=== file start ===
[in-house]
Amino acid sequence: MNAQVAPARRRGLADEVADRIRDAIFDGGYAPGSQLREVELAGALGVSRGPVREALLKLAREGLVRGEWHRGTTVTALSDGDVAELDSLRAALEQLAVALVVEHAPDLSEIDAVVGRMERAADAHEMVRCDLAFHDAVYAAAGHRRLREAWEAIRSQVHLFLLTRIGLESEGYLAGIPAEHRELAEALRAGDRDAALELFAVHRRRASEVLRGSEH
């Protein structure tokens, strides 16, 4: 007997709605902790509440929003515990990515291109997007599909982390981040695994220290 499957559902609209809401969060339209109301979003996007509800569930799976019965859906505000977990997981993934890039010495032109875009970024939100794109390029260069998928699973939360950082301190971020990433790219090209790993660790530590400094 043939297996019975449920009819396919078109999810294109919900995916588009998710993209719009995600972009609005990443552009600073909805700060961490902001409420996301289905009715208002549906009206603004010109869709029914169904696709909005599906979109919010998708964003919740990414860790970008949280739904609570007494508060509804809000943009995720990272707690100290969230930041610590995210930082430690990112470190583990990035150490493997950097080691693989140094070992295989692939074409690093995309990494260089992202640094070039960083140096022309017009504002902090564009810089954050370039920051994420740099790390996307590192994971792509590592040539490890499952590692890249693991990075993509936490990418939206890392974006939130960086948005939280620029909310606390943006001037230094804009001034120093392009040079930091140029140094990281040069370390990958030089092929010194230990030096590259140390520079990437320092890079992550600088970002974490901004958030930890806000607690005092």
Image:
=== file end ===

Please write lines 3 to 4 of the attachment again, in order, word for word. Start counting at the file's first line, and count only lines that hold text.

């Protein structure tokens, strides 16, 4: 007997709605902790509440929003515990990515291109997007599909982390981040695994220290 499957559902609209809401969060339209109301979003996007509800569930799976019965859906505000977990997981993934890039010495032109875009970024939100794109390029260069998928699973939360950082301190971020990433790219090209790993660790530590400094 043939297996019975449920009819396919078109999810294109919900995916588009998710993209719009995600972009609005990443552009600073909805700060961490902001409420996301289905009715208002549906009206603004010109869709029914169904696709909005599906979109919010998708964003919740990414860790970008949280739904609570007494508060509804809000943009995720990272707690100290969230930041610590995210930082430690990112470190583990990035150490493997950097080691693989140094070992295989692939074409690093995309990494260089992202640094070039960083140096022309017009504002902090564009810089954050370039920051994420740099790390996307590192994971792509590592040539490890499952590692890249693991990075993509936490990418939206890392974006939130960086948005939280620029909310606390943006001037230094804009001034120093392009040079930091140029140094990281040069370390990958030089092929010194230990030096590259140390520079990437320092890079992550600088970002974490901004958030930890806000607690005092």
Image: